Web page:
Students should also check to see if they completely understand their policy coverage because not all renter’s insurance coverage is the same. Ask about exclusions and limits, and find out whether add-ons are needed for your specific items. Considering the total value of a policy rather than just the premium can help students make more correct comparisons between different renters insurance policies. Students should also think about their practical needs to avoid paying extra for coverage they don’t need.

So how much coverage do you need? To calculate the correct amount of coverage, take a detailed inventory of everything the student plans to take to school. Laptops, clothes, textbooks, and furniture add up quickly. This inventory also eases the process of filing a claim should an incident occur. During this stressful moment in families’ lives, lowering as much stress as possible in cases of loss is always a plus. Keep a copy of the list in a safe place, like saved in the cloud or in a safe deposit box, and update it regularly.

Also, ask agents about how much liability coverage is included in their policies. A personal liability limit of at least $500,000 is recommended.

Insurance companies may offer discounts when bundling their renter’s and auto insurance. Students also can talk to their insurance agents about how else to save money, such as discounts available through affiliations with schools or employers. Parents who are members of alumni associations might be able to receive deals, too. Reducing risk of theft and damage to an apartment can also earn students some discounts, although it may require collaboration with landlords. Installing deadbolt locks, security systems, new smoke detectors or fire extinguishers lessen the risk of theft or damage, so insurance companies may offer discounts to students who take these precautionary measures.

If savings aren’t significant right away, students can get new quotes every few years to lower their rates. An improved credit score and a claim-free record yield a better premium down the road. On average, though, renters insurance is pretty affordable. The following table breaks down the average premium for renters insurance by region.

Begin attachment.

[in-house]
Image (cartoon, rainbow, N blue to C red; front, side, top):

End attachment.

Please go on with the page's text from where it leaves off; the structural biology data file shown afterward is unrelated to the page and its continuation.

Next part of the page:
Map of The USA broken between Different Average Costs
Source: National Association of Insurance Commissioners via the Insurance Information Institute.

Other Factors to Consider

Students should take into account several other factors before making a final decision about their insurance.

Deductibles, for instance, can greatly affect a student’s decision. Deductibles can often be lowered, but it means having to pay a higher premium. Do some calculating to figure out whether saving on the premium is worth a higher deductible in case of damage or less. Taking $10 off your premium might seem nice, but if it means having to pay $1,000 out of pocket to replace losses in a claim instead of $500, that $10 a month saved may seem insignificant. A deductible should be an amount a student can have readily available in case of an emergency. Keeping it in a savings account or a safe deposit box along with the inventory list is a good idea.

“Always get a ‘replacement cost valuation’ endorsement when it comes to property losses,” Biggert adds. “Use that exact term. The insurance agent will know what it is, and you’ll be glad you did if you ever have a claim.”

A policy with a replacement cost valuation covers the cost of replacing a given item at its actual cost, rather than at its estimated value, which factors in depreciation.

Students should also take into account their locations and whether they plan to have roommates or pets. If a student needs to keep some belongings in a storage unit, that student should determine whether those items would be protected. These variables change policies and should be discussed with an agent.

Coverage limits should also be considered. Renters insurance policies have overall limits for personal property, liability and additional living expenses as well as limits within certain categories, like electronics. If a policy meets a student’s needs in terms of personal property protection but is lacking in liability coverage, that student could be in hot water if someone gets hurt in his or her apartment and decides to sue. Similarly, a policy could look great at first, but maybe its coverage for electronics loss is limited. If most of a student’s valuables are electronics and the policy only covers $1,000 in electronics with a $200 deductible, it may not be the best option. Getting insurance for specific items, such as phones, laptops, TVs, and gaming consoles, can be a nice alternative to a more extensive renters insurance plan. Many of these big-ticket items also are sold with the option to add insurance or replacement protection at the time of purchase.